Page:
PIPER Aircraft

Enforcer early version built with a 2,535 shp Lycoming T55-L-9 engine snatched from the YAT-28E (1971, 2 built)
* PE-1 modified from the Turbo Mustang airframe; performed well in the Pave COIN test flown by USAF pilots [N201PE]
* PE-2 2-seat, dual control airframe modified straight from a Mustang airframe; lost in a crash off the Florida Coast on 12 July 1971 due to flutter caused by a Piper-modified elevator trim tab [N202PE]

Enforcer outgrowth of Turbo Mustang III using no more than 10% of Mustang elements; powered by an Avco Lycoming T55-L-9 turboprop; tested during 1983 and 1984 at Eglin AFB, Florida and Edwards AFB, California (1983, 2 built)
* N481PE: fully restored; "Prototype Hangar" at the National Museum of USAF at Wright-Patterson Air Force Base near Dayton, Ohio
* N482PE: awaits restoration at Edwards Air Force Base

Enforcer production variant with a 3,000 shp engine (not built)


OTHER

Dart Mustang conversion done in Australia with a RR Dart turboprop, but never flown (1977) (A68-187 > VH-UFO > now "44-74839" N50FS "La Pistolera")
 

frank

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So the version that's commonly known as Turbo Mustang III is actually a Turbo Mustang II & the Turbo Mustang III was never built?
 

Stargazer2006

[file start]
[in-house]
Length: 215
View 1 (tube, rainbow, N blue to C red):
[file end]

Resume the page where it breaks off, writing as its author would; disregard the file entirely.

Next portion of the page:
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frank said:
So the version that's commonly known as Turbo Mustang III is actually a Turbo Mustang II & the Turbo Mustang III was never built?
No. The Turbo Mustang III that was we know, which was a single prototype, was initially designated Turbo Mustang II and was rebuilt as the very first Piper Enforcer. It was rechristened as "III" in anticipation for a possible production version (following the Mustang I and Mustang II) that never materialized.
 

F-14D

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Stargazer2006 said:
I've always loved the Enforcer and thought that the U.S.A.F. and U.S. Army had missed a great opportunity for COIN missions. Recent history seems to prove me right since they are now on the lookout for a similar type.
Nice info. In defense of the Army, it's not like they missed an opportunity. Under the "Roles and Missions" universe in which Army and USAF live, USAF would never have allowed Army to get such fixed wing (see armed Mohawk, or even USAF's reaction to AH-56 when Army mentioned that by putting the pusher in beta it could dive bomb). "It may not be a plane or mission we want, but there's no way we're gonna let them have it". This still continues to an extent today. Just take a look at the history of the JCA/C-27J program.
 

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F-14D said:
Stargazer2006 said:
I've always loved the Enforcer and thought that the U.S.A.F. and U.S. Army had missed a great opportunity for COIN missions. Recent history seems to prove me right since they are now on the lookout for a similar type.
Nice info. In defense of the Army, it's not like they missed an opportunity. Under the "Roles and Missions" universe in which Army and USAF live, USAF would never have allowed Army to get such fixed wing (see armed Mohawk, or even USAF's reaction to AH-56 when Army mentioned that by putting the pusher in beta it could dive bomb). "It may not be a plane or mission we want, but there's no way we're gonna let them have it". This still continues to an extent today. Just take a look at the history of the JCA/C-27J program.